4. The main IC misrecognizes the actual operating state of the motor and excess current flows
  5. Current unnecessary for the motor rotation is consumed as heat (it becomes waste energy)
  1. Effect of Immunity Noise Suppression

The increase in the maximum current flowing to the motor significantly decreased when we conducted the same evaluation using a CMCC.

This prevents the control of the motor from being disturbed even if external noise penetrates it. In addition, excess current does not flow. Therefore, it is also possible to prevent the capacity of the battery from being unnecessarily reduced.

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Changes in the Maximum Current after Noise Suppression

The maximum current drops by adding a three-line CMCC. It is possible to suppress main IC failures

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The life of the battery is extended, which saves energy

  1. Summary

Service robots are used in home environments and similar settings. Accordingly, noise suppression is important. The issue caused by switching noise generated by the motor driver being radiated is attracting attention as an emission problem. In terms of immunity problems, external noise sometimes penetrates the feedback signal line of the driver, and incorrect control signals are then transmitted to the motor, causing a failure.

  • Using a noise filter near the connector that is the affixation part of the cable connected to the driver IC suppresses emission noise.
  • Using a CMCC in the feedback signal line suppresses immunity noise. The feedback signal line is configured in three lines. Therefore, we also select a three-line CMCC.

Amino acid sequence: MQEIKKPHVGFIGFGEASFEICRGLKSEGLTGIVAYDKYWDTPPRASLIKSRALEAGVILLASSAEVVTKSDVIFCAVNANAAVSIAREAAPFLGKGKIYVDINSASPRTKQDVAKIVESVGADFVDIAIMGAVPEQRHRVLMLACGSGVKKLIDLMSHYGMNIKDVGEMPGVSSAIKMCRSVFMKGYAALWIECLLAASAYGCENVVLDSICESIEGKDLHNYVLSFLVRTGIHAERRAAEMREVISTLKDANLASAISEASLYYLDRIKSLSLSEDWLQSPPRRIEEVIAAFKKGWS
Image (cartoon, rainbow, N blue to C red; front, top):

Filters Introduced This Time (For Emission Noise Suppression)

Noise Filter NFZ Series

These are small noise filters compatible with large currents. We select a constant to match the noise frequency.

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NFZ2HBM (2.5×2.0mm)

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NFZ32BW (3.2×2.5mm)

NFZ5BBW (5.0×5.0mm)

Ferrite Beads BLT5BPT Series

This series is compatible with large currents up to 11 A. These filters can be used at any point with a maximum operating temperature of 150°C.

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BLT5BPT (5.0×5.0mm)

Filter Introduced This Time (For Immunity Noise Suppression)

Common Mode Choke Coil: Three-line CMCC
We select a product to match the noise frequency

Related Products:
https://www.murata.com/en-sg/products/emc/emifil/overview/lineup/audio

About This Article:

This article is provided by Murata Manufacturing Co., Ltd.